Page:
Ignatius Perrish spent the night drunk and doing terrible things. He woke up the next morning with a thunderous hangover, a raging headache . . . and a pair of horns growing from his temples.
At first Ig thought the horns were a hallucination, the product of a mind damaged by rage and grief. He had spent the last year in a lonely, private purgatory, following the death of his beloved, Merrin Williams, who was raped and murdered under inexplicable circumstances. A mental breakdown would have been the most natural thing in the world. But there was nothing natural about the horns, which were all too real.
Once the righteous Ig had enjoyed the life of the blessed: born into privilege, the second son of a renowned musician and younger brother of a rising late-night TV star, he had security, wealth, and a place in his community. Ig had it all, and more—he had Merrin and a love founded on shared daydreams, mutual daring, and unlikely midsummer magic.
But Merrin’s death damned all that. The only suspect in the crime, Ig was never charged or tried. And he was never cleared. In the court of public opinion in Gideon, New Hampshire, Ig is and always will be guilty because his rich and connected parents pulled strings to make the investigation go away. Nothing Ig can do, nothing he can say, matters. Everyone, it seems, including God, has abandoned him. Everyone, that is, but the devil inside. . . .
Now Ig is possessed of a terrible new power to go with his terrible new look—a macabre talent he intends to use to find the monster who killed Merrin and destroyed his life. Being good and praying for the best got him nowhere. It’s time for a little revenge. . . . It’s time the devil had his due. .
“Waiting On” Wednesday is a weekly event, hosted by Breaking the Spine, that spotlights upcoming releases that we’re eagerly anticipating.
Book Title/Author: I Was Here by Gayle Forman
Publication Date/Publisher: January 27, 2015/Viking Juvenile
Cody and Meg were inseparable.
Two peas in a pod.
Until . . . they weren’t anymore.
When her best friend Meg drinks a bottle of industrial-strength cleaner alone in a motel room, Cody is understandably shocked and devastated. She and Meg shared everything—so how was there no warning? But when Cody travels to Meg’s college town to pack up the belongings left behind, she discovers that there’s a lot that Meg never told her. About her old roommates, the sort of people Cody never would have met in her dead-end small town in Washington. About Ben McAllister, the boy with a guitar and a sneer, who broke Meg’s heart. And about an encrypted computer file that Cody can’t open—until she does, and suddenly everything Cody thought she knew about her best friend’s death gets thrown into question.
GAYLE FORMANNNNNN! Besides being an auto-buy, this just sounds terrific. It sounds a little different than her other books, but you just know it’s going to be terrific.
This week, The Broke and the Bookish is asking for the Top Ten (New) Series We Want to Start. I’m going less for NEW and more for NEEEEEED to read. I’m also only including series that I own at least one book from.
- The Lumatere Chronicles by Melina Marchetta – HOW DARE I
- Scarlet by AC Gaughan – Again, HOW DARE I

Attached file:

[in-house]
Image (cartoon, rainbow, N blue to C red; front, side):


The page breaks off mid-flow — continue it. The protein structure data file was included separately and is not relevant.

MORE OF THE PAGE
- Steelheart and The Stormlight Archive by Brandon Sanderson – I’m still working through the Mistborn series, no way I am doing more than one of his at any time.
- Mara Dyer by Michelle Hodkin – I’ve heard mixed things, but I have the first book. I think I’m going to wait for this series to finish before I start it.
- Throne of Glass by Sarah J. Maas – technically, yes, I’ve read Throne of Glass, but I’m doing a full re-read so I can appreciate it all at once. You know how I love to binge.
- Gentleman Bastard by Scott Lynch – I can only do one fantasy series at a time so I can keep the worlds straight. I am excited for this one – I just need to finish the Mistborn books first.
- Penryn & The End of Days by Susan Ee – I have the first two books but this is at least a 5 book series. Do I start now or just wait?
- The Archived by Victoria Schwab – HOW HAVE I NOT READ THESE YET I DON’T KNOW I’M SORRY
- Legend by Marie Lu – I own the entire series. At least one of the books is a signed copy (I love that Target is doing this now). And yet they sit on my shelf, unread.
- The Artists Trilogy by Katrina Halle: I won the first two books AGES ago, and I feel bad for not having read them yet. The reviews are good – and from people who’s opinion I trust – so there’s no real reason NOT to read them (except lack of time).
I can’t wait to read everyone’s TTT this week and add even more series to my TBR!
Rating: 5 stars
There is danger in dreaming. But there is even more danger in waking up.
Blue Sargent has found things. For the first time in her life, she has friends she can trust, a group to which she can belong. The Raven Boys have taken her in as one of their own. Their problems have become hers, and her problems have become theirs.
The trick with found things though, is how easily they can be lost.
Friends can betray.
Mothers can disappear.
Visions can mislead.
Certainties can unravel.
This series is killing me. Not just the wait and the anticipation and the not knowing – but all of these things plus my Ronan feelings – and I’m basically dead.
Blue Lily, Lily Blue starts a month after the events of The Dream Thieves. I thought this was fine, because while I want to see every minute of every character’s day, I understand why it’s not really possible. The gap in time did kind of set up for the other weird jumps in the story, and those I had more of an issue with: Adam is at [the place] waiting for his [thing] to start, and Gansey and Ronan rush in and Gansey [noise] to the [person] and then the scene is over. I WANTED TO KNOW THE OUTCOME.
I loved the new character perspectives. Greenmantle is not a scary crime boss, he’s hilarious. His wife, Piper, is also hilarious and I actually liked them whenever they came up on their own together. When they’re with the Gray Man or the Raven Boys or the women of 300 Fox Way I can remember they’re the bad guys, but when they weren’t, I thought they were a lot of fun.
Jesse Dittley was also terrific – the Dittleys have guarded the cursed cave forever, slowly dying off as they’ve had to sacrifice themselves to it. The things that have happened to him and his family could have made him a very hard and angry person, so I extra loved his easy friendship with Blue.
There are caves and adventures and death and SO MANY THINGS happening. Blue Lily, Lily Blue does not have the singular focus of The Dream Thieves (Ronan), instead painting a broader picture of all the characters. Gansey seems withdrawn – but it might just be that we spend less time with him, Adam is waking up (either to or from what appears to be an existential crisis), Ronan seems like less of a shit, though he assures us it’s not true. Even Noah seems to be evolving through death. The Raven Boys are becoming Raven Men.